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As Red Hat prepares to launch the Red Hat Enterprise Linux 5 operating system, the question is again being asked whether a robust and feature-laden operating system is really needed for some computing situations.

Makers of "software appliances" are using the launch as an opportunity to predict that the days of the monolithic operating system are numbered. They say the future lies in a modular system in which software runs with only enough lines of operating system code to make it work.

Some see promise in the appliance alternative to the operating system, while skeptics think large enterprises will still need a general-purpose operating system.

The same questions arose recently around the launch of Microsoft Windows Vista. A trio of Gartner analysts published a report in 2006 that said the increasing complexity of Windows makes it "unsustainable". Gartner predicted Windows will be broken up into modular components.

The same could be said for Red Hat Enterprise Linux 5 (RHEL 5), said Billy Marshall, chief executive and co-founder of rPath, a software appliance platform vendor.

As new features are added to it, RHEL 5 has become just as unwieldy as Windows, Marshall said. "It's bigger and more bloated."

Operating system vendors add all sorts of functionality in the event some enterprise may want it, and the addition of these features is one of the reasons why both Microsoft and Red Hat have encountered delays bringing their products to market, he said.

Installing an operating system could use as much as 1.82G bytes of space on a hard drive, he said. A software appliance with only the code to run one application would use just 300M bytes, he said.

"The general-purpose operating system model is breaking," Marshall said.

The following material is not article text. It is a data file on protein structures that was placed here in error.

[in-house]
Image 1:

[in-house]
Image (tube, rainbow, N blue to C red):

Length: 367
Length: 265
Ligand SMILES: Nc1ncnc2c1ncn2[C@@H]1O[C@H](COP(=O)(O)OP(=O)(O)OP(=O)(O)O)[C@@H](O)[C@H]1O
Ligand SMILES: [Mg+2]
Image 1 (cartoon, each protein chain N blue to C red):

Another software appliance vendor, Ingres, on 27 February launched a database management software appliance it calls "Icebreaker" to compete against IBM DB2 and Oracle database software.

Software appliances may have a place in some niche environments in which a customer needs to run just a few pieces of software, said Jay Lyman, an analyst with The 451 Group. But a larger business would probably still need the various programmes that are bundled into an operating system, he said.

It might be possible to run an enterprise infrastructure without an operating system, Lyman said. "But then again, you've already got people [in your IT department] running the operating system, and it's a pretty critical part of the infrastructure."

Rather than seeing operating systems fading, "I think we're seeing the trends going the other way," said Adam Jollans, director of worldwide strategy for Linux and open source at IBM.

At a time when IT administrators want to get more out of their existing hardware, isolating software applications and running them only with small pieces of code seems counterproductive, Jollans said.

"Many more people want to run multiple applications and do many different things...so I think we need the generic operating system to support all the different things people want to do," he said.